Tuesday, May 20, 2014
Bevin Underwhelmed and Underperformed
Josh Holmes, Senior Advisor to the McConnell Senate Committee '14 (and a brilliant tactician) has compared ten years of results of U.S. Senate races in which the incumbent was "primaried." These races reveal that primary challengers to an incumbent senator who spend more than $1 million average 47.57 percent of the vote.
Matt Bevin's campaign has spent in excess of $3.3 million, and yet, going into Primary Election Day, he trailed McConnell by 20 points. Even if Bevin gets a late rush of support, there is no universe in which it is possible for him to win 47 percent of the vote, despite the fact that he has spent more than three times the magic million dollar number.
Bevin spent more than any primary challenger of an incumbent senator in the last two cycles, thanks to Senate Conservative Fund, Freedomworks, Tea Party Patriots and the Madison Project. All those dollars spent by outside groups ended up helping the paid consultants and operatives, but did little to advance Bevin as a serious candidate. (Contributors to those organizations, you've been duped.)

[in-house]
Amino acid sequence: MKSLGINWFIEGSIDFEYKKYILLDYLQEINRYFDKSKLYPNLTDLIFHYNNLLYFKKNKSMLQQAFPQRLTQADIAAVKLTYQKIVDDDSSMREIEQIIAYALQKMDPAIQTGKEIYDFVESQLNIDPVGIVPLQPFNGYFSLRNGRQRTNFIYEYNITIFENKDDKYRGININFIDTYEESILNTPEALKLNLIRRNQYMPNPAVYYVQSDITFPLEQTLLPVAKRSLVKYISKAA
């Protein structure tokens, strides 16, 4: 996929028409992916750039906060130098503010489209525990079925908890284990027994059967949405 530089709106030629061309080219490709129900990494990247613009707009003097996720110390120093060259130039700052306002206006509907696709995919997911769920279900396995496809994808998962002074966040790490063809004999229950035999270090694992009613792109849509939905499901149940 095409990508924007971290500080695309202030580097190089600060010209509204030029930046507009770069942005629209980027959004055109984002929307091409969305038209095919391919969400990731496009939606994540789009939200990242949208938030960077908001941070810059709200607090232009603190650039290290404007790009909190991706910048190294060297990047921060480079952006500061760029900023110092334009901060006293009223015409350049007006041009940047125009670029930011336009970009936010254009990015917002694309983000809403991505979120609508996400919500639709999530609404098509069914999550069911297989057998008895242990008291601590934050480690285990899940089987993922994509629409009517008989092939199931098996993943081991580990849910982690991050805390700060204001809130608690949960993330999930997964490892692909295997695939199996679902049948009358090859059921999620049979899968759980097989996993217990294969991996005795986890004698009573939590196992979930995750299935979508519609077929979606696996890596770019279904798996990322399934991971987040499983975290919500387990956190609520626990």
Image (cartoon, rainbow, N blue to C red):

Moreover, Bevin got a huge boost in name idea by the amount of media coverage of him, approximately 3.5 times more than the winner of last week's Senate primary in Nebraska, home to Senate Democratic Leader Harry Reid. The coverage overstated Bevin's ability, not only as a candidate, but as an existential threat to McConnell. Recall that Joe Gerth said that McConnell "would rather have a strangulated hernia than face Matt Bevin." Well, sure, McConnell undoubtedly would have preferred to avoid a primary. Even still, Bevin, was more of a distraction and an annoyance, hardly comparable to a "strangulated hernia."
I will resist the temptation to compare the media predictions and assessments of Bevin at the outset with the reality of how he actually performed. There is no point. He is by many accounts a good father and neighbor. He says that he is a conservative, and if so, he will get behind the most conservative candidate who will be on the ballot come November, the future Senate Majority Leader: Mitch McConnell.